Concert Review: Gregg Allman and Doobie Brothers — A Study in Contrasts
It was rather shocking to see Gregg Allman in such good shape this week: He looked as fit and trim as he has in decades.
By Brett Milano
If ever a double bill was in the wrong order, it was Gregg Allman opening for the Doobie Brothers at the Blue Hills Bank Pavilion this week. The Doobies were tight and polished as always, enjoyable if good-natured ‘70s flashbacks are your thing. But they’re not too big on bluesy grit and gravitas, which are still Allman’s stock in trade.
Allman was in terrible shape when I last saw him, in late 2010 at the Orpheum. At the time he’d rejoined the Allman Brothers Band a few months after a liver transplant, walked with difficulty, barely played keys, and had to hand over most of the vocals. He was hospitalized again last year, causing a delay in his solo tour, and the Brothers played their final shows in October. (Health issues weren’t the reason, but they couldn’t have helped). So it was rather shocking to see him in such good shape this week: He looked as fit and trim as he has in decades, his voice was fully restored, he played his trademark Hammond B3 and some guitar, even talked a bit between songs.
Allman was writing world-weary songs as a young man, penning the chorus “Good Lord, feel like I’m dying” when he was barely out of his teens. So he’s more equipped to handle them now, infusing them with a lot of hard living — “Melissa” and “Midnight Rider” were both slowed down to good effect. While he played mostly ABB songs, he didn’t stick with the hits or the original arrangements: The rarely-played “Don’t Keep Me Wondering” was a highlight and “Whippin’ Post” was more of a Stax/Volt version, without its signature bass riff. The solo band includes three horn players and the drummer (Steve Potts) from the latter-day Booker T. & the MG’s, so the arrangements flirted with a Memphis soul influence. And he jumped in altogether with a cover of Amos Milburn’s blues nugget, “Bad Bad Whiskey.” As a reformed drinker he wasn’t about to treat this one lightly.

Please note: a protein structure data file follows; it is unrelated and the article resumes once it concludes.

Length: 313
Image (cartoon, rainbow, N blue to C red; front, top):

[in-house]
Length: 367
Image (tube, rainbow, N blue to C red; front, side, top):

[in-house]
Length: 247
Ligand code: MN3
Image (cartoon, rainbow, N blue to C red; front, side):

Allmans diehards will note that he encored with “Southbound” and respectfully introduced it as “a song by Mister Dickey Betts.” The ABB’s cofounding guitarist, Betts got booted in 2000 and wasn’t included in the final shows. But that moment lent credence to recent rumors that he and Allman are on speaking terms again, and may be on playing terms before long.
A biker band gone Vegas, the Doobie Brothers currently include founding singer/guitarists Tom Johnston and Pat Simmons, but not later frontman Michael McDonald. Which means they steered clear of the white-soul McDonald hits (except “Takin’ It to the Street” which Simmons sang), and drew from their earlier days as a tougher guitar band. Didn’t sound the same, though: With a sax player and lead guitarist (John McFee, who was much cooler in his days with Elvis Costello) who tended to overplay, and with a Nashville bassist (John Cowan, ex-New Grass Revival) who brought no funk whatsoever, the grooves in “Jesus is Just Alright” and “Long Train Running” were pretty much ironed out (and the less said about their cover of Sonny Boy Williamson’s “Don’t Start Me Talking” the better). There was salvation, however: Their guest keyboardist was Little Feat cofounder Bill Payne, who played just as anarchically as he does with the Feat. Even when he’d played on the original record (that’s his piano on “China Grove”), he steered off the charts and invariably made things more interesting.
The night’s nicest Doobie moment actually came earlier on, when Simmons joined his son Pat Jr., who opened the night acoustically; father and son then harmonized on America’s “Ventura Highway.” Always good to see families bond over vintage vinyl.
Brett Milano has been covering music in Boston for decades, and is the author of Vinyl Junkies: Adventures in Record Collecting (St. Martins, 2001) and The Sound of Our Town: A History of Boston Rock & Roll (Commonwealth Editions, 2007). He recently returned from New Orleans where he was editor of the music and culture magazine OffBeat.